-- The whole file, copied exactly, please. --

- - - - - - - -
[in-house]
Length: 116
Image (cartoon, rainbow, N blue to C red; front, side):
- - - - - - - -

[in-house]
Length: 116
Image (cartoon, rainbow, N blue to C red; front, side):